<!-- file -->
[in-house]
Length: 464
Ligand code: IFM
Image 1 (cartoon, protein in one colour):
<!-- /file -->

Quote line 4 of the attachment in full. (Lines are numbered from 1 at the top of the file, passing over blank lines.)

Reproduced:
Image 1 (cartoon, protein in one colour):